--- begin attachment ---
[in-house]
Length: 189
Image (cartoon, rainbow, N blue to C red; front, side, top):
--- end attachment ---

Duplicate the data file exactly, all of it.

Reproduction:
[in-house]
Length: 189
Image (cartoon, rainbow, N blue to C red; front, side, top):